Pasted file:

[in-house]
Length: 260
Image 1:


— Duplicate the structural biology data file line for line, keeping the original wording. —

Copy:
[in-house]
Length: 260
Image 1: